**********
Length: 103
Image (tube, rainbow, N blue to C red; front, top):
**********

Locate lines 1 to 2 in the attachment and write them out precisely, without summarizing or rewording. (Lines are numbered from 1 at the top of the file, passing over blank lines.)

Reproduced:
Length: 103
Image (tube, rainbow, N blue to C red; front, top):